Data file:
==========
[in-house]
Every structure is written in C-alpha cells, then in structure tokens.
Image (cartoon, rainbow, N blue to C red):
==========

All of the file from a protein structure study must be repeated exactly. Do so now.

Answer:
[in-house]
Every structure is written in C-alpha cells, then in structure tokens.
Image (cartoon, rainbow, N blue to C red):